Friday, August 21, 2009

Heartbreaking and Hopeful


I have known this vote was coming since I was discerning which seminary to attend six years ago. I have tried to be patient and I’ve tried to listen more than I speak. Being a rostered leader means my words and actions represent the ELCA. Serving a particular congregation means I walk at their tempo and I represent them publicly.

These responsibilities have caused some of my personal passions, beliefs and opinions to be sidelined on occasion – an important exercise for a zealous extrovert like me. But as participants in the ELCA Churchwide Assembly come from across the country and gather in my neighborhood, I am overwhelmed by the biblical theology and emotional systematics dovetailing in my heart and throwing up onto this blog.


1. I am both heartbroken and hopeful every time I have a conversation about sexuality and the church. It is discouraging that this debate is the only thing the media covers and that one decisive action from this broad and powerful assembly advertises us as a divisive body instead of the faithfully united one I know and love. I wish the Star Tribune would report on the HIV/AIDS strategy funding or the exciting stories of mission starts and emergent church bodies bearing the fruit of the Spirit. I wish judgmental spectators could know about the other valuable social and sexual issues we care so deeply about.


But it is encouraging to hear people talk truthfully about what it means to be church to all people – to welcome them in as they are and as we have been welcomed in. I am hopeful when I hear people admit that doing it is harder than simply talking about it. I am hopeful when I see others committed to living in the grey while we figure out what that looks like together.


2. I am both heartbroken and hopeful watching the live stream online, listening to the debates we have been having for thirty years about the GLBT community and their place in the church. I am heartbroken when I hear wonderful people described as an issue with words like “animalistic” or “barbaric”, but I am hopeful when I hear members step to the microphone and share a brief story about someone they’ve met at the assembly with a different view and a different vote. They speak with new clarity and compassion, and that gives me hope that we will not fall apart just yet.


I am related to people who say they will leave the ELCA if the vote is confirmed and I am related to people who say they will leave if it does not pass, but my prayer is that they all remain. I moved forward through the gauntlet of candidacy with some straight people who might have been called, but were mediocre preachers or uncomfortable giving pastoral care. I watched others become tangled up in candidacy because they refused to hide their sexual orientation, confident that God is calling all of who they are. These folks are ensnared in rules, but I get goose bumps thinking about their preaching, their compassion and their obvious vocation as ordained leaders in the church. This is not a black or white issue in my heart, my life, or my scriptural study.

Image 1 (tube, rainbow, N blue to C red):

3. I am appalled by the self-appointed prophets who deem Wednesday’s weather to be direct judgment from God, but I am impressed by the droves of people who are brave enough to explore the ambiguity of what it means to be both sinners and saints, saved by the cross of Christ. It is a far easier thing live on one end of the spectrum, affirming yourself and those like you while pointing out the specks in the eyes of others down the line.


I choose to live in the grey because I’m pretty sure Jesus lives there. He was in the mucky middle every time he touched someone or invited someone to break bread. That’s where I’ve got to be if I’m going to run into him doing miraculous things. I choose to live in the grey because ambiguity is not always a bad thing. It means admitting that, even when steeped in scripture, I don’t know everything and that some things will be decided beyond my intelligence and according to God’s perfect will. I choose to live in the grey because I cannot bear to read only some texts or to digest them in only one way – none of us take the scriptures literally unless we are reading them in their original language in the original contexts. We are all interpreters of scripture and I will not be thought less biblically faithful because I am willing to admit that.


It’s here in the grey we can admit that this stuff is really hard and that God’s plan for reconciliation might be much bigger than our restrictions on who can commune with us or our definitions of “life abundant”. It might even be bigger than sexual orientation in the pulpit (and by the way, the pulpit happens to be the most sexless place I can think of, but we’ve put it there anyway).


I write this without knowing how the fourth resolution turns out, but confident that I will, of course, remain in the ELCA tomorrow regardless of the outcome. With or without these resolutions, it is my call and duty to make sure all people know that Christ came for them and that divine reconciliation is a radical thing that lives even beyond the argument about whether homosexuality is a sin, the limited expectations of celibacy, the fear of the unfamiliar and this divisive discord.


Even beyond all of these things.


I’m just sure of it.


In fact, this sinner is betting her life on it.